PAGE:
Never leave your pet in a parked car. It’s extremely dangerous. Even a “quick stop” at the store could cost your pet its life. Before you know it, that short stop you planned to make can stretch to 15 minutes or more. Leaving the windows cracked will not cool the car long enough to protect your pet, but if the windows are left open too much your pet may escape into traffic or be abducted. A dog’s normal body temperature is 101.5 to 102.2 degrees. On a 70 degree day, the car temperature can rise above 150 degrees in minutes. A dog can withstand a body temperature of 107-108 degrees for only a very short time before suffering irreparable brain damage–and even death. Without emergency care, your pet could die very quickly! Of course your dog would love to go everywhere with you, but when the temperatures rise, your pet is safest at home. You and your pet will enjoy summer together best when you exercise caution, and take no chances.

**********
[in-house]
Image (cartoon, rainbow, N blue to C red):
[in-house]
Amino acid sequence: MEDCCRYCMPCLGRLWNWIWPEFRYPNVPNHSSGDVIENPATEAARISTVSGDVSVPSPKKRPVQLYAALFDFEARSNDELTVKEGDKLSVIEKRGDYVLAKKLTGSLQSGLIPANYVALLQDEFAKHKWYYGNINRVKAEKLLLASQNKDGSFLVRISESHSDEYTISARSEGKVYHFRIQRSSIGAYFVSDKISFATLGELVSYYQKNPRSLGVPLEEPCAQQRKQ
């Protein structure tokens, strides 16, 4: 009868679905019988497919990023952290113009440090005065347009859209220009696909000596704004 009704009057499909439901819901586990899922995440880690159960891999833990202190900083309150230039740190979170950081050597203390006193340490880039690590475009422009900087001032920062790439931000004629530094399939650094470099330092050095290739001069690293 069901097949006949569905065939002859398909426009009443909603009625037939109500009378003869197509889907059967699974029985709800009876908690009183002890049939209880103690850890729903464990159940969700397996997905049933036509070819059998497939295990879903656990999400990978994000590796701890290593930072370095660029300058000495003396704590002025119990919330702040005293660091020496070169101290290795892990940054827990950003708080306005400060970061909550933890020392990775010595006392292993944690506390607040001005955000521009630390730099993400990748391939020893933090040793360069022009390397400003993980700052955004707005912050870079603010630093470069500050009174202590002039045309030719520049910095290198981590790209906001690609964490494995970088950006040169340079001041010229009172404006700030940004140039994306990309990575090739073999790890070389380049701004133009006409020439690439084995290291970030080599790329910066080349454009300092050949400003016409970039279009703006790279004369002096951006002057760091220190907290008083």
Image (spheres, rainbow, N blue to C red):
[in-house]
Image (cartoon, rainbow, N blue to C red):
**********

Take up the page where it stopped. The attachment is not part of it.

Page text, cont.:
Any pet can suffer from heat stress. However, the most susceptible are:
- Very young and elderly pets
- Pets with any previous history of heat stress
- Short-nosed breeds
- Overweight pets
- Pets with any cardiovascular or respiratory disorders
You can help prevent heat stress–here’s how:
- Provide plenty of clean, fresh water at all times
- Provide adequate ventilation and air circulation whenever pets are at all confined
- Provide adequate shade whenever pets are outdoors
- Avoid excessive exercise of pets in extreme heat
- Never leave pets in a parked vehicle–It’s the number one cause of heatstroke!
Please share this information with any friends or pet owners who may not be aware of these dangers!
Courtesy of your friends at the
RIDGEWOOD VETERINARY HOSPITAL